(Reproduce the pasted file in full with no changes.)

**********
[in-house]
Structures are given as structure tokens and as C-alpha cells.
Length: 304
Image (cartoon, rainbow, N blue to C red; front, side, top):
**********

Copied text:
[in-house]
Structures are given as structure tokens and as C-alpha cells.
Length: 304
Image (cartoon, rainbow, N blue to C red; front, side, top):